Show that the perturbation of identity satisfies certain continuity and Lipschitz properties

Mathematics Asked by 0xbadf00d on July 24, 2020

Let $dinmathbb N$, $uin C^{0,:1}(mathbb R^d,mathbb R^d)$ and $c:=|u|_{C^{0,:1}(mathbb R^d,:mathbb R^d)}$ (the semi-norm given by the Lipschitz constant).

I would like to show that there is a $tau>0$ such that $$T_t(x):=x+tu(x);;;text{for }xinmathbb R^d$$


  1. $T_t$ is a bijection for all $tin[0,tau]$;
  2. $T,T^{-1}in C^{0,:1}(mathbb R^d,C^0([0,tau],mathbb R^d))$.

It’s easy to see that $$left|T(x)-T(y)right|_{C^0([0,:tau],:mathbb R^d)}le(1+tau c)left|x-yright|;;;text{for all }x,yinmathbb R^d.$$ Assuming $taule(2c)^{-1}$ (I’ve read at other places that we need to assume $taulemin(1,(2c)^{-1})$ but I don’t understand why), we can show that $T_t$ is bijective for all $tin[0,tau]$:

In fact, let $tin[0,tau]$, $yinmathbb R^d$ and $$f(x):=y-(T_t(x)-x);;;text{for }xinmathbb R^d.$$ Then begin{equation}begin{split}left|f(x_1)-f(x_2)right|&=left|(x_1-x_2)-(T_t(x_1)-T_t(x_2))right|\&le tcleft|x_1-x_2right|end{split}tag2end{equation} for all $x_1,x_2inmathbb R^d.$ If $taule(2c)^{-1}$, then $tcle2^{-1}<1$ and hence $f$ is a strict contraction so that, by the Banach fixed-point theorem, there is a unique $xinmathbb R^d$ with $f(x)=x$, which is equivalent to $y=T_t(x)$.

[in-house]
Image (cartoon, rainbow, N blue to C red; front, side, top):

From the reverse triangle inequality and $(2)$ we see that $$left|x_1-x_2right|le2left|T_t(x_1)-T_t(x_2)right|tag3$$ for all $tin[0,tau]$ and $x_1,x_2inmathbb R^d$ and hence $$left|T_t^{-1}(x)-T_t^{-1}(y)right|le2left|T_t(T_t^{-1}(x))-T_t(T_t^{-1}(y))right|=2left|x-yright|tag4$$ for all $tin[0,tau]$ and $x,yinmathbb R^d$.

How can we show the remaining claims? And, if $uin C^1(mathbb R^d,mathbb R^d)$, under which condition can we show that ${rm D}T_t=operatorname{id}_{mathbb R^d}+t{rm D}u$ has a nonnegative determinant?

Add your own answers!

Related Questions

How to calculate matrix divergence in polar coordinates

1  Asked on December 1, 2021 by please-correct-grammarmistakes


Definition of ring of dual numbers

1  Asked on December 1, 2021 by ponchan


Neyman–Pearson Lemma

1  Asked on December 1, 2021 by noe-vidales


Ask a Question

Get help from others!

© 2022 All rights reserved. Sites we Love: PCI Database, MenuIva, UKBizDB, Menu Kuliner, Sharing RPP, SolveDir